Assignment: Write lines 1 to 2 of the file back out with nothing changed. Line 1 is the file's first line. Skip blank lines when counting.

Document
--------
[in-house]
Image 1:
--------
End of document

[in-house]
Image 1: